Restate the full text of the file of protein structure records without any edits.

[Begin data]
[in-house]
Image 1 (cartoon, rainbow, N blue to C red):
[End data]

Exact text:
[in-house]
Image 1 (cartoon, rainbow, N blue to C red):